Alabama Coach Nick Saban said this week that Crimson Tide quarterback Bryce Young was set to use his name, image and likeness (NIL) to make “ungodly numbers” approaching “almost seven figures.” A quarterback who has yet to be named the starter, let alone actually start or win a game, is already approaching a market value of $1 million.
One million dollars is a psychological barrier that will change this game forever.
The big question is, what does this mean?
The big answer: The NIL war is on and the facilities arms race is over.
The pace of change is dizzying, akin to going from fighting with swords and shields to laser-guided smart bombs in just three weeks.
When California passed this law (in the pre-COVID era), we had a discussion among Penn State trustees on the issue. Having been in coaching, I offered two main points.
First: Coaches, by the very nature of their jobs, always look for the holes in a defense to exploit. Coaches also look for even the tiniest recruiting rule loopholes to blow open. The current rules on NIL are a giant loophole offering little to no defense.
Second: At the time I estimated big-name players could easily grab a quarter of a million dollars or more in any number of ways — some in ways we hadn’t even yet imagined. There was genuine astonishment at that number. Turns out my conservative estimate was just that.
Remember when everyone was concerned that a company was giving every Miami player $6,000? That was roughly a week and a half ago. The jump from four-figure payouts to seven-figure payouts happened quickly.
And football is where the differential will really come in to play. In college basketball, one-and-done-type players starting school in August can leave for the draft and NBA money in April. Football players have to risk injury playing for three seasons before they get the NFL money.
Consequently, football NIL money will be a bigger factor in recruiting players out of high school and in the college transfer portal. And in recruiting, money is a great tiebreaker.
As schools pour tens of millions of dollars into facilities, in many ways they are fighting last year’s war. At the risk of sounding like Beano Cook making historical comparisons…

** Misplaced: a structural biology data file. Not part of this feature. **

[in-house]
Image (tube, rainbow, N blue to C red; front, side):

The French built the Maginot Line after World War I to defend a German land invasion. They failed to anticipate the impact of air power as well as the Germans taking another route as World War II began. NIL is that kind of leap forward in recruiting battles.
If you build a gaudy new facility, that will only carry you so far. Will players really care how big a school’s weight room may be when they can make far more NIL money and build a bigger brand somewhere else? As other players are doing autograph signings, Alabama’s QB is comfortably spending minimal time collecting big checks and using that extra time to prep for the season. That is a big recruiting pitch.
One thing we all know for certain, Nick Saban understands recruiting. Mentioning that dollar figure to a room full of Texas high school coaches was no accident. And he explained why a guy who hasn’t played yet can command that kind of money: “That’s because of our brand.”
Nick Saban positioned Alabama as the New York Yankees (when the Yankees were still regularly winning titles). He staked the claim as the biggest of national brands with the biggest NIL payroll potential.
That sound you hear? It may be the sound of hundreds of players running toward the transfer portal to see if they can get a piece of that Alabama brand.
That is recruiting lesson number one. Have a differential, explain that differential and then make sure everyone knows it.
I used to joke on occasion with friends that the only reason why our wives remain with us is because George Clooney hadn’t called yet. (That was before he got married.) In much the same way, after yesterday’s announcement, one reason a team keeps their recruits may be because Saban hasn’t called yet.
So who else should we watch on the NIL front?
Watch the oil markets. With oil high, there are more billionaires in Texas, Louisiana and Oklahoma (advantage Texas A&M, Oklahoma, LSU and Texas).
In non-oil states look for the intersection of billionaire alums and big-time football (think USC and maybe Warren Buffet in Nebraska). Look for schools in states without pro sports (Nebraska, Alabama, Kentucky, South Carolina).
Also look for states where college football interest is high. In Google search and polling research, fans with strong interest in college football topped 25% of the population in cities like Omaha, Dallas-Fort Worth, Houston, Detroit, Tampa, Atlanta (41%) and Birmingham (85%).
Look for unique recruiting pitches. In states with no income taxes, players will not have to file and pay state taxes on NIL income (advantage Texas and Florida schools, disadvantage California schools).
The only certainty is that nothing is certain except each school will have come to the NIL battlefield. Rapid change means that each school will have to find their own NIL edge, their own differential to put the best team on the field they can. Vision will have to meet opportunity.
And as we look forward to future earnings, just imagine what that same Alabama QB will make if he starts and wins a national title.